4. "Information Concerning Insurrectos," attached to Benjamin to Wagner, Adjutant General (AG), DSL, 25 December 1900, RG 395, E 2330.

5. War Department, Annual Reports of the War Department for the Fiscal Year Ending June 30, 1900, vol. 1, pt. 4 (Washington: GPO, 1901), 446 (hereafter as WDAR, followed by the appropriate fiscal year).

6. WDAR, 1900, l(pt. 3): 33; Jordan to mother, 25 May 1900, John L. Jordan Papers, Spanish American War Survey (SPAW S), 38th Infantry Regiment, U.S. Army Military History Institute (MHI), Carlisle Barracks, Pennsylvania.

7. Jordan to mother, 18 May (quote), 25 May, and 20 June 1900, SPAWS, 38th Infantry.

8. Ilardin to AG, Division of the Philippines, 19 September 1900, RG 395, DSL, E2330.

9. Report of Action near Boac, Marinduque, P.I., on July 31st, 1900, RG 395, E 2458.

10. Reports of Operations of the Garrison of Santa Cruz, Marinduque, for July and August, 1900, RO 395, E 2458.

11. WDAR, 1901, l(pt. 5): 455-61.

12. Wilson to AG, DSL, telegrams, 15, I8, and 18 September 1900, RG 395, B 2458; Wilson to Commanding Officer, 4D, DSL, 26 September 1900, RG 395, E 2458.

13. Anderson to HQ DSL, 19 October 1900, RG 395, E 2330; Jordan to mother, 30 September & 6 October 1900, SPAWS, 38th Infantry.

14. HQ, DSL to Hare, 3 October 1900 (1st quote); HQ, DSL to Hare, 4 October 1900 (2d quote); HQ DSL tci Hare, 17 October 1900, all in RG 395, E 2458.

15. Hare to HQ DSL, 18 October 1900, RG 395, E 5175.

16. Polo Island was also known as, Santa Cruz Island Census 2:312, 366; Hare to Anderson and Harbach, 8 October 1900; Hare to HQ DSL, 18 October 1900, both in RG 395, E 5175.

17. Ralph L. Bitting to mother, n.d., (quote), SPAWS, 1st Infantry; "A Story About a Soldier," Arthur L. Koch Papers, 27-28, MHI.

18. Wright to HQ DSL, 7 November 1900; Lt Hugh Williams to HQ. DSL, 10 November 1900, both in RG 395, E 2330; Bitting to mother, n.d., (quote), SPAWS, 1st Infantry.

19. Jordan to mother, 19 October (quote) and 29 October 1900, SPAWS, 38th Infantry; Wright to Bates, 10 December 1900, RG 395, E 2458.

20. HQ DSL to Corliss, 21 November 1900 (quote); HQ DSL to Hare, 21 November 1900, telegram, both in RG 395, E 2458; Report of Operations of the Garrison of Boac for November 1900, RG 395, E 3180.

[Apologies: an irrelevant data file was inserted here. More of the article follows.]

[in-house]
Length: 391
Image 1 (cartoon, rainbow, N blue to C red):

21. General Orders No. 1, HQ Island of Marinduque, 8 December 1900, RG 395, E 2460.

22. General Orders No. 1, 8 December 1900, RG 395, E 2460; Jordan to mother, 29 October 1900 (quote), SPAWS, 38th Infantry; John Gates, Schoolboys and Krags: The United States Army in the Philippines, 1898-1902 (Westport, Conn.: Greenwood Press, 1973), 187-220.

23. HQ DSL to HQ 4D, DSL, 17 October and 22 December 1900; Wright to Bates, 10 December 1900 (2d quote), all of the above in RG 395, F. 245S; HQ DSL to C/O, Boac, 24 December 1900, RG 395, E 3178; Gates, Schoolbooks and Krags, 187-200, 206-7 (1st quote).

24. Corliss to HQ DSL, 31 December 1900, RG 395, E 3178; "Charges and Specifications Preferred Against Martin Lardizubal." ,31 December 1900., RC, .195, E .3180.

25. "Hike Book of Sgt Maj Irving Heaslip," 27, Irving Heaslip folder, SPAWS, 2d Infantry (hereafter cited as "Hike Book").

26. "Hike Book," 36-37, 41, 42, 50-51; Jordan to Adjutant, Boac, 11 January 1901, RG 395, E 5170.

27. Most property destroyed by the Army on Marinduque was civilian. Phrases in reports, like "no sign of Insurgent fortifications or storehouses “Killed 13 head of cattle, 9 carabao, and 15 ponies and destroyed and burned 800 pounds of palay and 9 houses," and "burned 63 houses, one of which was Insurrectos" indicate the comprehensiveness of Corliss's orders. "Hike Book," 29, 35, 40.

28. The Katipunan society was a secret organization dedicated to Philippine independence. "Information Concerning Insurrectos," attachment to Benham to HQ DSL, 25 December 1900, RG 395, E 2330; Corliss to AG, DSL, 26 January 1901, RG 395 E 3178.

29. "List of Natives who have taken the Oath of Allegiance to the United States, at Boac, Island of Marinduque, P.I., or those whose; oaths have been on file at Boac," RG 395, E 3180.

30. Lacey to HQ Marinduque, 23 January 1901, with endorsement, 30 January 1901; HQ Marinduque to Commanding Officer, Gasan, 25 and 27 January 1901, all in RG 395, E 2460; Jordan to HQ 4D, DSL, 16 January 1901, RG 395, E 5170; Report of Operations of the Garrison of Santa Cruz for January 1901, RG 395, E 2458; Jordan to HQ. Marinduque, 30 January 1901, RG 395, E 3178.